What to Do if You Can’t Afford Your Spousal Support

Child and spousal support, Divorce settlement

Spousal support is ordered based on a person’s current financial situation. What happens when that changes? Know what to do if you pay spousal support to a former spouse and can no longer afford that much, or pay it at all.

What To Know About Spousal Support 

When a spousal support order is made, the court must take into consideration the then-current financial circumstances of the parties.

For a temporary support order made while a case is pending a final judgment, the process is more straightforward. The courts can, and do, use computer programs to determine the amount of temporary spousal support.

Since the order is temporary, the order can often be modified over its duration, though temporary could be several years.

 

Long-Term Spousal Support 

When we talk about long-term spousal support, the courts look at many more factors in setting the amount of support, including the length of the marriage, the age, and education of the parties, and much more as set forth in Family Code section 4320. The parties could agree in their final judgment that such an order is unable to be modified, but most of the time an order is subject to modification or termination based on a significant change of circumstances.

If you lose your job, become disabled, retire and thus have lower income, or if you remarry and have children this could change your financial circumstances so much that the court could agree that your spousal support should change or terminate.

 

Modifying a Spousal Support Order

To start the process of seeking a modification or termination of spousal support, you will need to file a motion, called a Request for Order in California. This will give you a court date and time and once filed you need to have the other party served with this order, usually by mail by someone other than yourself.

You will also need to prepare and serve an Income and Expense Declaration and give the other party copies of your most recent pay stubs. Be prepared to bring additional financial information to court, such as tax returns, retirement documents, Social Security award notices, bank records, and the like.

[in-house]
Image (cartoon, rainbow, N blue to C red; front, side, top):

The Family Court Division in San Diego has very specific rules about exhibits and submitting evidence and documents during any motion hearings.  Read these rules and talk them over with your attorney, who will know best how to handle these items and the proper procedures to follow.

 

Contact Us for Legal Assistance 

The experienced attorneys at JWB Family Law are able to help you navigate the spousal support modification process. Our dedicated staff can provide you with the necessary legal assistance and support that you need.

Contact our office today to schedule your discreet consultation at our San Diego location.

 

The Importance of the CFLS Designation

A Certified Family Law Specialist, or CFLS, is an attorney who has obtained certification in the standards of California family law and demonstrated optimal legal competence. Attorneys who obtain this certification have specific expertise in all aspects of family law, which includes divorce or the dissolution of marriagechild and spousal support, child custody, and temporary restraining orders, among other areas of emphasis.

Not every attorney practicing family law has obtained this certification. In fact, the designation remains relatively rare—there are fewer than 2,000 CFLS attorneys in California and fewer than 200 in San Diego.

Surviving a second divorce

Finances tend to be more complicated as second divorces generally happen later in life when folks have accumulated more assets.

California divorce rates and facts

Recent divorce studies found that disagreeing about finances on a regular basis, lacking a college education, when one or both spouses are alcoholics, and being in a low income bracket are all linked with a higher divorce rate.

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